When I define a proxy table from SQL Anywhere (12) through ODBC to an MS SQL/Server table that contains a uniqueidentifier, the value of the UUID is returned to ISQL with the bytes flipped around. Specifically, the Endianness difference from SQL/Server to SQL Anywhere is ignored.

Various articles around the net describe the different UUID representations, but getting different results from SQL/Server's "SELECT someuuidcolumn FROM sometable" and the same query through an SQL Anywhere proxy table query seems pretty much wrong - e.g., '00013c07-e7f5-4033-bdbf-b34d6391f445' vs '073c0100-f5e7-3340-bdbf-b34d6391f445'. In particular, having a '4' at the start of the third group of digits identifies a UUID as a "V4" GUID and really shouldn't be arbitrarily flipped around, regardless of how the UUID is stored in the database. Can someone say if it's an ODBC issue, but even then, shouldn't SQL Anywhere deal with it? (I believe the problem occurs with SQL Anywhere 16 too, but I haven't tried it myself.)

asked 16 Jul '14, 23:34

DougMWat's gravatar image

accept rate: 0%

From my research it would appear you can see this if your MS GUID is being bound as a binary value.

Whereas Microsoft stores their GUIDs as little-endian binary values, the standard for UUIDs is Most Signifiant Byte first (aka big-endian) or as describe in the RFCs for this "network byte order". See a reference to RFC 4122 for the sections on "4.1.2. Layout and Byte Order", and the many references to the terms "network byte order" and "endian".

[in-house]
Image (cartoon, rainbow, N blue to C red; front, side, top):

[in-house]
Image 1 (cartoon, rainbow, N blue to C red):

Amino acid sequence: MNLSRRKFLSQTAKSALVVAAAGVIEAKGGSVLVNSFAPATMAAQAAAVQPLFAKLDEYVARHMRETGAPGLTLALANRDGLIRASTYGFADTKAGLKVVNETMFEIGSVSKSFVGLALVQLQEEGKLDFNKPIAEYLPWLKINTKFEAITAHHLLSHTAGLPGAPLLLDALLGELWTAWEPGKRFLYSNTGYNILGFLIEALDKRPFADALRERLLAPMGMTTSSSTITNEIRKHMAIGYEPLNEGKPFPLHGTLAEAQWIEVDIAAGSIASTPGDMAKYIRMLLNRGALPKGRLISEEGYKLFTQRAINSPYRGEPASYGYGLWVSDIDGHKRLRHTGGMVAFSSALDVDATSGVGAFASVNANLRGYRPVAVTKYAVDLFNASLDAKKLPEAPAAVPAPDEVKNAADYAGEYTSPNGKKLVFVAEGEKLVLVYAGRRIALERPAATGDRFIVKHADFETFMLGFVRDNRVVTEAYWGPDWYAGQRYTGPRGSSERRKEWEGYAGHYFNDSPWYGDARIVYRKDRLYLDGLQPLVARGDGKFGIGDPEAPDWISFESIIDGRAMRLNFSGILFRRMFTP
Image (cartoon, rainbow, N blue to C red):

SQL Anywhere implements the UUID statndard internally. This should not be a problem and should map correctly when interchanging data with Microsoft databases if the data types being used are proper UUID and not raw binary values.

So this is most likely failing if the proxy table is defined with a raw binary(n) instead of a UUID. You should be able to verify if this is your issue by issuing, in DBISQL, the statement

DESCRIBE TABLE <your proxy="" table="">

and noting if the column in question is of type binary(16, say) or type UUID.

The solution should be as simple as explictly defining the proxy as having the correct type. Let us know if this helps.

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answered 18 Jul '14, 09:33

Nick%20Elson%20SAP%20SQL%20Anywhere's gravatar image

Nick Elson S...
accept rate: 32%

Thanks for looking into this Nick, I very much appreciate it, however I don't think it's the problem. Using DESCRIBE TABLE from DBISQL and Sybase Central ("Columns" tab) as well as viewing the "Columns" attribute in MS SQL Server Management Studio, these columns are "uniqueidentifier" across the board.

FYI my versions are a little dated - SQL Anywhere 12 ( and SQL Server 2008 R2, all running on Windows 7 Enterprise ("MS Windows Version 6.1 (Build 7601: Service Pack 1)") so perhaps some updating is in order. We have SQL Anywhere 16 on one system, so I'll likely try it there and possibly build a small example case too.

(18 Jul '14, 12:10) DougMWat

Thank you for reporting this issue. I agree that there is something more that SQL Anywhere can do to properly handle GUIDs from SQL Server. We will investigate further and provide a fix.

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answered 18 Jul '14, 14:34

Karim%20Khamis's gravatar image

Karim Khamis
accept rate: 40%


There are three ways to do any one thing: the right way, the wrong way and the Transact SQL way :)

(18 Jul '14, 17:00) Breck Carter
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question asked: 16 Jul '14, 23:34

question was seen: 4,037 times

last updated: 18 Jul '14, 17:00